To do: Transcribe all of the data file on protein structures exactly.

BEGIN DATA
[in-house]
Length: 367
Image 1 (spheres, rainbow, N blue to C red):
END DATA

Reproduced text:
[in-house]
Length: 367
Image 1 (spheres, rainbow, N blue to C red):